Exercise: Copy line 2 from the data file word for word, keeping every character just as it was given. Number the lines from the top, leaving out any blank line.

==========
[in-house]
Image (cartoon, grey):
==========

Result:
Image (cartoon, grey):